Why haven’t I been knitting the Tux Cardigan?
Because I have a sneaking suspicion that I didn’t increase the arms fast enough, and it may be too late to increase faster, and I might have to rip back.
So 1) the first thing I need to do is whip out the tape measure, and measure a bunch of stuff, and run a bunch of calculations to see if this is the case, and I don’t feel like doing this. Too brain-intensive, on a week that has already run me completely dry, brain-wise. 2) if the answer is “yes” – and I rather think it will be – I’m pretty sure I’ll pitch some kind of hissy fit. And you know, I’m just not really up for that right now.
I’m sure I’ll be back on track soon… I just need to get a good run at it, is all.
It’s not too late for the first arm. I have five more inches in which to increase 20 stitches. No problem.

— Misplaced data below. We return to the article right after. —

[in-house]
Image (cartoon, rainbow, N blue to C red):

I decided to illustrate this with a picture, so that you can see the sleeve only comes up to my elbow.
Have you ever tried to photograph your own arm? I mean the whole thing, all the way up to the shoulder.
It’s a little trickier than I thought it’d be.
Oops, is that a shot of my computer monitor caught in the act of bittorrenting this week’s episode of “The Office” from torrentspy.com?
I would never do that. Because file sharing is illegal and wrong.
Every time you share files over a p2p network, God kills a kitten.
Anyway, just trust me – I’ve only knit the sleeve up to the elbow, and taking pictures of your own arm is really really hard.